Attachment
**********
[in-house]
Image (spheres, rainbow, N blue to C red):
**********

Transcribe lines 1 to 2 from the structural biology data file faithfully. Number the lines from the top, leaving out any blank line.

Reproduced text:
[in-house]
Image (spheres, rainbow, N blue to C red):